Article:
Any IT Pro will know that when you start out in the job, a large part of problem solving comes from finding the solution independently; either by bugging your friends or researching on community forums. A lifeline if you’re working under pressure with little guidance.
One of my first ever assignments was to set up a network lab disconnected from the production network. I was trying to configure the lab security device, Cisco ASA, which combined firewall, antivirus, intrusion prevention and other network security capabilities.
The objective of this was to limit connections from the production server to port 3389, which is used for remote desktop services.
Remote Desktop Protocol (RDP) would then route through a switch to user systems for testing. After a lot of head-scratching, Googling and stubbornness on my part, I’d got it configured by late afternoon with Command Line Interface (CLI) - this was an older method for interacting with operating systems and applications
For someone who had never set up Network Address Translation (remapping one IP address space into another) or for someone who had absolutely no idea what it was until it came up, I was feeling pretty smug by the time I had powered down my machine and logged into the pub at 5.30pm.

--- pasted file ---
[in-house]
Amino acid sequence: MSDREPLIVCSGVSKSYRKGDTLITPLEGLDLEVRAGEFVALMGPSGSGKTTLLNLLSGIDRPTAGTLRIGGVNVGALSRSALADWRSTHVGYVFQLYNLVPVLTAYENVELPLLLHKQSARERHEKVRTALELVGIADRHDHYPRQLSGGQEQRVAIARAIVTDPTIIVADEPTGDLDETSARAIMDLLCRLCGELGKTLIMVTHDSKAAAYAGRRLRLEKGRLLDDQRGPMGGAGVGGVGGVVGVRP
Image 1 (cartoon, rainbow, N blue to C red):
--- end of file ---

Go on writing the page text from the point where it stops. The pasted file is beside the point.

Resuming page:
As you’ll probably guess by this point in my blog series, all was not what it seemed. In the mixture of panic and subsequent complacency, I had forgotten to cover myself by backing-up. Somewhere in the middle of everything the IT Illuminati had conspired against me, and I lost the configuration I had poured my blood, sweat and tears in on the day the lab opened. The ASA security device was completely blank when I walked in the next day, much like my memory following the (un)expected hangover.
It taught me to make backups whether your configuration is 20 lines or 150 for Quality of Service (QoS) alone. Fortunately, there are tools which have made things easier for me ever since. A Network Configuration Manager can simplify configuration management for an ever-expanding list of network devices.
The nice thing about this approach is that you can centrally manage all of your devices from one “point and click” console, which is a great way to take the pressure off when learning new things.
Kent Row, IT Admin and Superhero, SolarWinds.